Planet Picture Book

Petit, The Monster

Is Petit good or is he bad? He is good when he plays with his dog but bad when he pulls girls’ hair. He can be very nice to his grandfather but very mean to pigeons. It’s a dilemma the young boy tries to figure out throughout this picture book.

The front cover of Petit, The Monster perfectly captures the two sides to Petit’s personality. The young boy looks like a model of good behaviour, but there’s something cheeky about the set of his eyes, smiling mouth and carefully clasped hands: he looks too good to be true. The two vertical colour bands in the background also give us an indication of the contrasts inherent in this tale. On the orange band, notice the little bunny, soft and gentle; on the greeny-blue band, a wolf-like creature with fearsome teeth. Then take a closer look at the colour banding on Petit’s outfit. This front cover speaks volumes.

The animal symbols feature again in the main story. When Petit enjoys a cuddle from his grandfather, a bunny rabbit can be seen peeking out from under his character outline. On the opposite page, when Petit fires a catapult at pigeons perched in a tree, a wolf-like creature lurks beneath his character outline. It is as if we are being shown his inner personality: the good rabbit and the bad wolf.

After various examples of Petit being good and then being bad, Isol introduces an all-important question via the young boy’s mother: “How can such a good boy sometimes do such bad things?” This prompts Petit to try to understand his own behaviour – and does he struggle! One spread particularly resonated with me: Petit is bad when he tells a lie, but good at telling stories. Aren’t all stories fabrications, lies of sorts … ? No wonder Petit needs some peace and quiet and a how-to manual to work it all out.

But after a brief pause, our protagonist digs a little deeper in his exploration of good and bad. He comments that Gregory is a horrible boy and yet he felt sorry for him the other day. He remarks that Laura still sits next to him in class although he pulls her hair. Through the eyes of a young boy, we are reminded of the contradictions of human nature. Petit empathises with the bad guy; Laura remains passive although Petit is obviously hurting her. I know I can think of similar scenarios from my own experience or observations – I’m sure we all can.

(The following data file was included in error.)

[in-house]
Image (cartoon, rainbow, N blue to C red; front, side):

Finally, Petit hits on a solution: “I must be some kind of good-bad boy, maybe.” Then, in the humorous end scene, he turns his observations on his mother. He decides she is good because she understands – and bad when she sends him to bed without dessert. Hmm! Petit hasn’t quite got it figured out, but he’s shared some valuable thoughts with us along the way.

Isol’s illustrations look like childish sketches at first glance. But they burst with vitality and carry an impressive range of emotion. I was instantly drawn to the characters and the simple page composition; it is easy to understand what is going on. I also relished the colour palette with its unusual combination of orange, green, blue, brown and yellow tones.

Petit, The Monster is a fabulous little picture book. Simple on the surface, it explores a topic that is difficult to grasp. What is good and what is bad and how do we learn to distinguish between the two when there is so much complexity? The story is a valuable starting point for discussion with children of all ages, as well as being a great read.

The Book
Petit, The Monster, by Isol, translated by Elisa Amado (Groundwood Books, 2010)
Original title (Spanish): Petit, el monstruo (RBA Libros, 2006)

The Author/Illustrator
Isol is an Argentine author and illustrator based in Buenos Aires. She received the prestigious Astrid Lindgren Memorial Award in 2013 for her contribution to children’s and young adult literature. She has twice been selected as a finalist for the Hans Christian Andersen award. She has published a number of picture books, many of which are available in English. Isol is also an advertising illustrator, pop singer, comic book writer and active blogger.

The Translator
Elisa Amado is a Guatemalan-born author and translator. She has written a number of picture books, including Barrilete: A Kite for the Day of the Dead (Un barrilete para el Día de los Muertos)Cousins (Primas) and Tricycle (El triciclo), which is on the Américas Award Commended List and is a USBBY Outstanding International Book. She lives in Toronto.

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